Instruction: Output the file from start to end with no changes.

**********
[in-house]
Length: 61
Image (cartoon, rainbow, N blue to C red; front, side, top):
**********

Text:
[in-house]
Length: 61
Image (cartoon, rainbow, N blue to C red; front, side, top):